What happens in The Taming of the Shrew

For this month on What Happens in Shakespeare, I picked a Thanksgiving-appropriate play. It’s chock full of holiday traditions: family feuding, daytime drunkenness, and men judging women on their eating habits.

The Taming of the Shrew is one of the top most-hated Shakespeare plays, and for good reason. There have been some retellings that attempt to bring it up to date but don’t make me like it any better. Vinegar Girl by Anne Tyler at least cuts out a lot of the implied violence, and Cole Porter’s Kiss Me, Kate at least has singing and dancing. But this is a boys vs girls story where the boys win, roundly and unapologetically. Some modern critics say Katherine’s big speech at the finale is tongue-in-cheek, or contains subtext about the balance of power actually being in her favor. I don’t know enough to commit to that interpretation. I would love to see a feminist production, where, say, Bianca is running a lucrative startup out of her dorm room and Petruchio fatally falls onto the subway tracks while taking a selfie. But this is the text we have. Sometimes you love an author for masterpieces like As You Like It and you can only hope his quill got taken over by bots for The Taming of the Shrew. We’ll talk about The Merchant of Venice later. And Othello. Ouch.

The Reduced Shakespeare Company tweeted: “Petruchio tames Kate, and vice versa. No means yes.” 

What happens in The Taming of the Shrew

We start with a wealthy man playing a trick on a poor and badly drunk man. We dive right into the main plot and never see either man again.

Lucentio arrives in Padua, Italy and falls in love with Bianca at first sight. Her father won’t let her get married until her notoriously independent older sister Katherine is married.  

Lucentio disguises himself as Bianca’s teacher to be near her. His servant disguises himself as Lucentio (lost yet?) to negotiate with her father about marriage.

Petruchio arrives in Padua to look for a rich woman, any rich woman, he can marry. He hears about Katherine and decides to marry her, sight unseen.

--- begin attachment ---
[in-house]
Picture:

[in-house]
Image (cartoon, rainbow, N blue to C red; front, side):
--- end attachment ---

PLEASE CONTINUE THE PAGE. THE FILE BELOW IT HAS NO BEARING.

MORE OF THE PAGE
Katherine and Petruchio meet. She insults him creatively, energetically, and at length (okay, Katherine’s dialog is actually one redeeming thing about the play). He tells her that he will marry her whether she agrees or not.

He tells her father, falsely, that she has agreed to marry him. The wedding date is set.

Petruchio arrives late to the wedding, not at all appropriately dressed and riding a broken-down horse. He interrupts the priest and swills the communion wine. After the wedding Petruchio hauls Katherine off to his house before the feast, saying she is now his property and he can do whatever he wants with her.

At his house in the country, Petruchio starves Katherine and will not let her sleep, saying he loves her so much he cannot let her eat his inferior food or sleep in his uncomfortable bed.

Back in Padua, Lucentio wins Bianca’s heart. His servant in disguise successfully negotiates their marriage by promising her father a huge amount of money. There are shenanigans about getting Lucentio’s father to front the money and give his blessing. Bianca and Lucentio get married.

Katherine and Petruchio return to Padua. On the way, Petruchio forces Katherine to say the sun is really the moon and an old man they encounter is really a young woman. Her spirit is obviously broken.

At a party, Katherine obeys Petruchio’s orders and gives a speech lecturing women about their duty to their husbands. Everybody who knows her is shocked.

There is a contest to see who has the most obedient wife. Petruchio wins.

Katherine and Petruchio leave the party to go to bed.


For a feminist analysis, I liked this 2016 article by Rachel De Wachter: “Power and gender in The Taming of the Shrew.”